In this series of articles, we’re sharing insights into how we keep the CANDDi marketing team organized. Make sure you read the other two parts first.
Part 1: Scrums and sprints
Part 2: Super-effective meetings
In this final part, we look at the software we use to stay on the same page, and share insights into getting as much done as possible.
Staying organised with software
With all the tasks and actions set for the next sprint, we have to get organised with a way of ensuring everyone knows how much progress has been made across the whole team.
We’d recommend you use software for this task. The problem is, many scrum management apps are principally designed for software developers and look more like development tools than something a marketer would feel comfortable using. That’s why we use Atlassian’s Jira software. It has a nice, clean layout that allows everyone to see how the sprint is progressing.
Within Jira, we have each task laid out, complete with a description written in a format that makes it easy for everyone to understand not just what we’re doing, but why, and who for.
Here’s an example:
Task title: Refactor our Blog template to include “Twitter summary with large image code”
As a CANDDi Marketing person, I want social shares of our blog posts to look as good as possible.
- Get Twitter code from strategy doc
- Developer ticket raised to change template
- Refactor images on last 10 blog posts if required
As you can see, the description is written from the perspective of the person (or people) the task is designed to benefit, even though the entire task may not be carried out by that person.
Every task is broken down into actions, depicted as individual cards. Each card is assigned to a person on the team. So, to stick with the example above, perhaps it will be Maria’s job to get the twitter code from the strategy doc, but Bob’s task to raise the developer ticket.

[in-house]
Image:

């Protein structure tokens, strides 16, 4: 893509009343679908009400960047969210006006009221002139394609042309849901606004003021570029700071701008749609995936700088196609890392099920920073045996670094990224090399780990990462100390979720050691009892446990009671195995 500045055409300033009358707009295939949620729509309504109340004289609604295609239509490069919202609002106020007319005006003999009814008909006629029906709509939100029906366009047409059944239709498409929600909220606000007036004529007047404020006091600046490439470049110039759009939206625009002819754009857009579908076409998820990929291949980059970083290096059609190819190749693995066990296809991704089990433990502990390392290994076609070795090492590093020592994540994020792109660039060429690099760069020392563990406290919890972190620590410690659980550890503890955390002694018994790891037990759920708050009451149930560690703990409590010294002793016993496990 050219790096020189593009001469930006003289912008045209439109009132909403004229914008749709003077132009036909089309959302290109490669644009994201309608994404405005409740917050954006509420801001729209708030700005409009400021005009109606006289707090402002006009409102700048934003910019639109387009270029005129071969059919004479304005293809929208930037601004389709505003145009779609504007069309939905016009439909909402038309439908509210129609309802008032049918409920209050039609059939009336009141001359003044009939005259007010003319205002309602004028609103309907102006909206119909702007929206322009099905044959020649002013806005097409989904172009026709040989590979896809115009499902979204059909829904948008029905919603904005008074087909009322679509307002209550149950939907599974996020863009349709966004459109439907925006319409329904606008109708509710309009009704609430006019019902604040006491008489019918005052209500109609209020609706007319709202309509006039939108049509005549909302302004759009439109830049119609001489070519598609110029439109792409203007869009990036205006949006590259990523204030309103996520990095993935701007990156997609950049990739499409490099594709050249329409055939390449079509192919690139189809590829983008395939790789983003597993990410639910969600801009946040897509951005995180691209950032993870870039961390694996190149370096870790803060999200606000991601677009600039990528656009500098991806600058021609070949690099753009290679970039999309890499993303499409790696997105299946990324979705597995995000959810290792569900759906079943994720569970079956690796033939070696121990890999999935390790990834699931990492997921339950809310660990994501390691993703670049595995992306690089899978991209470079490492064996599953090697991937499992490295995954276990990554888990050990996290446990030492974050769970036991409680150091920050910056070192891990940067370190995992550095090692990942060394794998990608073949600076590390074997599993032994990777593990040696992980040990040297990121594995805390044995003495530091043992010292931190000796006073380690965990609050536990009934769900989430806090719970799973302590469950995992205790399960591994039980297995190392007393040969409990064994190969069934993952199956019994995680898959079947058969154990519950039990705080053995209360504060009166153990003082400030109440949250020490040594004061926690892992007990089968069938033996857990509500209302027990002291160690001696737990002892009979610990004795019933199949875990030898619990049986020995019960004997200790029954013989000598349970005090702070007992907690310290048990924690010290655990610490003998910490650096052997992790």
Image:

Each card starts in the left-hand column, which is the ‘to-do’ list. When Maria is ready to start getting the Twitter code from the strategy doc, she can move the associated card to the right, into ‘In progress.’ Then once she’s finished, she can move her card right again, into the ‘Done’ column.
Getting things done
It’s really satisfying to see the cards filling up the ‘Done’ column in Jira as the sprint progresses. Having this visual overview also helps the scrum master identify where any bottlenecks are, so they can be resolved. Use your daily ‘standup’ meetings (see part 1) to keep everything on track.
It’s important that once the workload for a sprint is agreed, everyone sticks to it. Don’t change tasks, or add more, and make sure you only include a manageable amount of work in each sprint.
The idea is to achieve all the goals you set, not leave a lot of them half-done because you underestimated how long each would take. The only time a scrum master should change the content of a sprint mid-way is if the company’s overall strategy takes a sudden and unexpected change of course, or something else huge happens that you need to drop everything to deal with Don’t forget while we’d love you to take inspiration from this series, you should adapt the process over time to suit your company’s individual characteristics. Just remember the central mission here is to keep your team productive, and achieve your goals in a positive, timely manner. If you’re doing that, it’s working!
And finally, here’s a tip we find particularly useful: complete the difficult actions early on in the sprint. The relief of having got the ‘tough bits’ done makes the rest of the sprint much more enjoyable than if you have a lot of hard work looming throughout the first week.